So, to sum up, this most improbable of political stalwarts. For record-breaking dedication to politics, defending the right to stand for election, highlighting nothing is constant, pointing to inadequacies of modern politics, epitomising the eccentric self-degrading patriotic British stereotype, upstaging the Beatles for goodness sake and for being the world Loony-in-Chief: ‘Howling Laud’ Hope, Alen Hope, is truly a rebel worth noting.
Stephen Fry on the difference between British and American comedy said:
“All the great British comic heroes are people who want life to be better, and on whom life craps from a terrible height and whose sense of dignity is constantly compromised by the world letting them down. […] Their lack of dignity is embarrassing, and they are a failure, an utter, utter failure. They are brought up to expect empire and respect and decency, and everyone around them laughs. Whereas the American hero wins the girl, they are smoother and have the largest nob in the room! Comedy is the microcosm that allows us to examine the fundamental difference between our two cultures. Ours is bathed in failure, and we celebrate that. Whereas America’s is an ideal, a utopia of what they want to become themselves.”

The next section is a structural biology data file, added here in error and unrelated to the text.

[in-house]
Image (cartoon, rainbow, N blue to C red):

If you were to count the votes at election time, you would chalk Alen Hope as a failure, albeit a comedic one. But while this metric could be applied to anybody else in politics, to do so in his case would be to miss the point entirely. While he delivers his contributions through unconventional light-hearted comedic fun (we could all do with a bit more of that after the past year!), crucially the contributions to politics and society themselves remain criminally undervalued. Like most things, I suspect we will only come to appreciate the full extent of his Loony Lordship’s contributions with the benefit of hindsight.